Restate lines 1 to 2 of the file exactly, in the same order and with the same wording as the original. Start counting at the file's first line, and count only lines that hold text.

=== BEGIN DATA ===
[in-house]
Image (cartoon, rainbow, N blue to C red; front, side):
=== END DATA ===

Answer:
[in-house]
Image (cartoon, rainbow, N blue to C red; front, side):